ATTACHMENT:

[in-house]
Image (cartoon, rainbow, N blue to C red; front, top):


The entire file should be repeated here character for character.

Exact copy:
[in-house]
Image (cartoon, rainbow, N blue to C red; front, top):